WiFi

The TouchPad supports dual-band 802.11n via an Atheros 6003 WiFi stack. Bluetooth support comes via a separate chip (BluCore 63T23). I tested performance on both 2.4GHz (20MHz channels) and 5GHz (40MHz channels) networks. Just like Android, webOS seems to prefer connecting at 2.4GHz even when an AP supports both bands. I had to force my AP to have a separate 5GHz SSID to get the TouchPad to connect at the higher frequency.

WiFi Performance

Performance at 2.4GHz isn't that great compared to the other tablets we've tested. At best I managed 16Mbps to the TouchPad from a local server connected via GigE. Switching to 5GHz mode I got much better performance - 38.4Mbps. The Galaxy Tab 10.1 also supports 5GHz, forcing it to connect to the higher frequency SSID resulted in better performance as well - although the TouchPad still managed a slight advantage.

Battery Life

With the performance issues I've mentioned on the TouchPad, battery life is bound to suffer. We've spent the past decade really learning that power efficient hardware and software can be both high performing and very good for battery life. Clearly the long app load times and poor performance while multitasking are going to impact battery life, and indeed they do.

In our light multitasking battery life test we're constantly checking a Gmail account, playing music and running through our standard smartphone battery life test. All tablets here are set to nearly the same brightness using our colorimeter to ensure a level playing field.

General Usage - Web Browsing, Email & Music Playback

The TouchPad does the worst out of all of the tablets we've tested thus far, including the tiny HTC Flyer. Just over six hours isn't bad, but when the competition does at least 40 - 50% better it's a sign that webOS needs improvement here.

Video playback battery life is a little better:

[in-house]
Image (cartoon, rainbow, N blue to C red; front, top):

Video Playback - H.264 720p Base Profile (No B-Frames)

We had to trim our test file to under 2GB in order to deal with the video player app limitation I mentioned earlier, but the actual workload remains unchanged. The TouchPad does better than both the PlayBook and HTC Flyer but is still a couple of hours short of the Honeycomb tablets and very far behind the iPad 2. Still, seven hours is enough to get more than a couple of movies in on a really long flight.

I suspect the battery life issues will be addressed alongside the performance issues as the APQ8060 shouldn't be a problem here, it's just a matter of how long that will take.

Performance Final Words
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  • bigboxes - Wednesday, July 20, 2011 - link

    Please. How many fart apps do you need? :p

    Anand, I notice that you mention Wi-Fi connectivity. Can the Touchpad access network drives and/or can it map a network drive? Part of the appeal of a tablet is not just to access the internet, but to access the intranet as well. It is disappointing that there is limitations placed on video formats and file size. Will there be 3rd-party apps (web browser, media player,etc.) that allow better functionality or is this a hardware/OS limitation?

    One thing that is missing from this review is HP's support of the homebrew community. I would assume that there will be many programmers out there who will provide free apps and patches that will augment the touchpad. This will allow you to fix a lot of the devices shortcomings. Come to think about it that is one of the most important aspects of this platform: the ability to do what you want with your device. Whereas Apple locks down their device to ensure uniform performance, HP allows us techies the option to tinker wtih our hardware as we see fit. Thanks for the review Anand!
    Reply
  • tecknurd - Tuesday, July 19, 2011 - link

    I disagree and you talk like an Apple fan. To my own eyes iPads are restrictive. I can not go to any site with out getting an F grade. iPad are not productive when they can not handle Flash. Unfortunately the Internet still uses Flash.

    The problem with any OS is applications. Until developers adventure to other OS, applications will be limited. Linux has the same problems and still have the problems with having good applications. In Linux there are applications for office tasks such as OpenOffice, but I would not use it for a business because it is very limited.

    Of course it is not the OS. It is the applications for tablets or for any computer. If I am force to buy an iPad like you say, I would just get a Mac book Air or similar.

    I against the iPad and iPhone because I think there is something better from other brands. Actually this is true and Apple wants those brands kicked out. I do not support such a thing.
    Reply
  • codedivine - Sunday, July 17, 2011 - link